Posted by: Ben | January 11, 2009

if: The Moon Watch

(Videogame. Glulx. Maroncelli, Peretti. 2008)

Some idiot who also writes in this blog made some pretty foolish and ill thought out comments on graphics in interactive fiction a while ago. Actually graphics done well are not only a valuable adjunct to effective text but an important determiner of atmosphere. If there’s an angelic child on a phone line to the Moon, reporting countless deaths in a nuclear war, that’s one type of game. If there’s a cartoon mouse drunk on vodka that’s… no, wait, it’s exactly the same game.

Now that the Cold War is on temporary hiatus in favour of a less well-defined war in which anyone and everyone is a potential attacker (this will be the status quo after the end of history and the universal adoption of Western style democracy, so get used to it), a large death toll from an especially bad bombing might be in the thousands, but back in the second half of the twentieth century we expected the deaths to rack up in millions. The doctrine of mutually assured destruction, whereupon the aggressor in a potential nuclear war would be wiped out as surely as the defender, prevented a large-scale atomic conflict during that era. But the Moon Watch is set in an alternative timeline where events have taken a different turn.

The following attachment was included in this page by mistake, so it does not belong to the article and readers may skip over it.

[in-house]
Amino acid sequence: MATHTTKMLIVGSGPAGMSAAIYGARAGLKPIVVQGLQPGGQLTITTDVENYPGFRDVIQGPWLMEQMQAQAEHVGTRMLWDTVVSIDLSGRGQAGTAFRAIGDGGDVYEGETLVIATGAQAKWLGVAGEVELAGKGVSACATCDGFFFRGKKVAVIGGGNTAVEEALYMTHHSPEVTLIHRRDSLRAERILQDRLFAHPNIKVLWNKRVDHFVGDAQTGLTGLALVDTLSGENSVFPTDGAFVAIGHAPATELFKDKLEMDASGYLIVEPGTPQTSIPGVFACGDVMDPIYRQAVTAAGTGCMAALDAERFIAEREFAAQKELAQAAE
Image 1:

As the apparent sole occupant of a Soviet lunar station, the player-character has only one duty – to look after the Big Red Button and press it at the appropriate time. He doesn’t, of course, know what the Big Red Button does. The control room is filled with superbly imagined malfunctioning Soviet technology, of which the player-character is inordinately proud. It’s only once the button has been pressed that the player must take control. Even then decisions are strictly limited to solving the technical puzzles that hinder the main character, rather than making his decisions for him. And it’s in the course of solving these puzzles that it becomes apparent that not everything on the moon is as it seems.

As an adventure game it’s solid and thoroughly enjoyable and yet it appears to possess at least one puzzle that is completely bloody impossible. The Moon Watch also has a relatively original, or at least different, way of communicating with NPCs. Rather than being limited to ASK and TELL, simply type TALK TO, and you can type in exactly what you want to say to a character, then to solve the puzzle it’s usually a case of hitting on the right words and phrases to get you around the problem. This feels much more natural than any of the other commonly used solutions for interpersonal communication in IF, but one imagines it would take many hundreds of lines of code before there was any real element of simulation of conversation. I understand Starship Titanic has a go at this, and I will play it one day.



  1. Thank you very much for your review!
    We (me and Paolo) will release an improved version of the game taking account of the feedbacks as soon as possible.

  2. Thank you for playing and reviewing The Moon Watch. Talking about that impossibile puzzle, you know, life on the Moon can be bloody hard… 😉

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